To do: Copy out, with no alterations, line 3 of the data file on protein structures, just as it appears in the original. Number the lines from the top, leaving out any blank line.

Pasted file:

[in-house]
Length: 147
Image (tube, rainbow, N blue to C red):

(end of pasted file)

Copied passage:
Image (tube, rainbow, N blue to C red):